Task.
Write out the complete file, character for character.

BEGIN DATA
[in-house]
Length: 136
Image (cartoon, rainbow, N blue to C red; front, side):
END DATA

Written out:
[in-house]
Length: 136
Image (cartoon, rainbow, N blue to C red; front, side):